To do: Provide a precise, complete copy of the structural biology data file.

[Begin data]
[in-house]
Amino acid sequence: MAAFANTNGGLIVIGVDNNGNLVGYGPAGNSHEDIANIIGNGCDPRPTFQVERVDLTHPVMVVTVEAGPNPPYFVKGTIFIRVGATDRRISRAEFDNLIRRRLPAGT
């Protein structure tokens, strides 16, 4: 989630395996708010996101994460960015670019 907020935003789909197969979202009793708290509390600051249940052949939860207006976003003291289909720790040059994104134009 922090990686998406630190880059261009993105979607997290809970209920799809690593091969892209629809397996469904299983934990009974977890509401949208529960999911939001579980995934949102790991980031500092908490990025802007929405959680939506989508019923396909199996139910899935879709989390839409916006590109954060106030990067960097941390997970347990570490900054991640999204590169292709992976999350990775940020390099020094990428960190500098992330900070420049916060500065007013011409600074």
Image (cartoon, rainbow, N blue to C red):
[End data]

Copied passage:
[in-house]
Amino acid sequence: MAAFANTNGGLIVIGVDNNGNLVGYGPAGNSHEDIANIIGNGCDPRPTFQVERVDLTHPVMVVTVEAGPNPPYFVKGTIFIRVGATDRRISRAEFDNLIRRRLPAGT
């Protein structure tokens, strides 16, 4: 989630395996708010996101994460960015670019 907020935003789909197969979202009793708290509390600051249940052949939860207006976003003291289909720790040059994104134009 922090990686998406630190880059261009993105979607997290809970209920799809690593091969892209629809397996469904299983934990009974977890509401949208529960999911939001579980995934949102790991980031500092908490990025802007929405959680939506989508019923396909199996139910899935879709989390839409916006590109954060106030990067960097941390997970347990570490900054991640999204590169292709992976999350990775940020390099020094990428960190500098992330900070420049916060500065007013011409600074």
Image (cartoon, rainbow, N blue to C red):